Governor Perry also testified before the March 8, 2006 Senate Appropriations Committee hearing on the supplemental request, requesting $2 billion dollars in CDBG disaster recovery funding for Texas. Texas Senator Kay Bailey Hutchison pointed out that in addition to damages suffered as a result of Hurricane Rita, Texas had used its regular CDBG allocation to assist Katrina evacuees from Louisiana. The Emergency Supplemental Appropriations Act for Defense, the Global War on Terror, and Hurricane Recovery (P.L. 109-234), which became law in June 2006, included $5.2 billion in CDBG disaster assistance for the five states affected by the 2005 hurricanes. Congress left HUD to make allocation decisions between the states.  HUD allocated $4.2 billion to Louisiana and established a new methodology, in part because of pressure from Texas officials, to allocate the $429 million of the remaining $973 million to Texas.

Yet with the additional funds provided in the second round, Texas still had far too little money to address the housing needs of Hurricane Rita survivors, not to mention the Katrina evacuees who had moved to Texas. Even if all of approximately one-half billion dollars of funding in combined Round I and Round II appropriations had been directed toward housing, there would have been less than $7,000 to address each of the approximately 75,000 households impacted by Hurricane Rita.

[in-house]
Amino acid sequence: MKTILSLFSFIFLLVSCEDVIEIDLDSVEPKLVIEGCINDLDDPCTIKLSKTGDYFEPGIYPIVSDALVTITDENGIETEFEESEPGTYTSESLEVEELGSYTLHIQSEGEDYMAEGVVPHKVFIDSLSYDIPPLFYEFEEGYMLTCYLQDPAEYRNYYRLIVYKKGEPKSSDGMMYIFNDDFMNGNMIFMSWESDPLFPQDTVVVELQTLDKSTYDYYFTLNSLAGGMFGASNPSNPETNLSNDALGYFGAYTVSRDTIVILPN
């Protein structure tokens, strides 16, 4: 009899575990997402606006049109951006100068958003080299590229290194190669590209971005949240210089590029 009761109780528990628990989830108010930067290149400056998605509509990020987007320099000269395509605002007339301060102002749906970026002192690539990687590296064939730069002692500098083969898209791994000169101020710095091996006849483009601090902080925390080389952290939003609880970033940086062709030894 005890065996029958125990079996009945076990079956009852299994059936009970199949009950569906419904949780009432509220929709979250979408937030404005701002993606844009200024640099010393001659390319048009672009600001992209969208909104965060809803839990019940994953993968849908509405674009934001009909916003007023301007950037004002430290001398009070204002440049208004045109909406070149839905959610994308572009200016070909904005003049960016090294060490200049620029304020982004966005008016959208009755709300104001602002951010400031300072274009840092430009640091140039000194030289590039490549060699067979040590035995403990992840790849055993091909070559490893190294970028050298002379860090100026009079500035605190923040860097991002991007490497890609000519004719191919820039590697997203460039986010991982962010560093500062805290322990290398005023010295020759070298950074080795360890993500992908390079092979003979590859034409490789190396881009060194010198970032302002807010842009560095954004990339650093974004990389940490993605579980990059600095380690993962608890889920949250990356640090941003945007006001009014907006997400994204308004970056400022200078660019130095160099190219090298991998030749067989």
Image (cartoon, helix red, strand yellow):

Texas earmarked a substantial portion of Rounds I and II Rita funding to housing, a combined 84% of the available funds.

The following table indicates the funding levels from Rounds I and II and the funds set aside from each round to provide housing assistance.

Round    Total allocation    Housing funds    Housing percent
Rita I      $74,500,000        $40,885,181          54.9
Rita II    $428,600,000       $383,500,169          89.5

Lacking any experience in administering large-scale disaster recovery funding, Texas initially turned to regional consortia of local governments to administer the funds.

These consortia of local governments are known in Texas as Councils of Government (COGs).  The councils are comprised of representatives of cities and counties within particular regions of the state. Round I of the Hurricane Rita funding was administered under a program where the councils of governments in the disaster-impacted areas became grant subrecipients and developed and administered their own programs with oversight provided by the Texas Department of Housing and Community Affairs.

In the wake of long delays and inefficient administration of the Round I program by the councils of government, a new approach was taken to the administration of Round II funds. The state agency charged with operating housing programs, the Texas Department of Housing and Community Affairs (TDHCA), undertook to directly administer the housing disaster relief funds in the second round.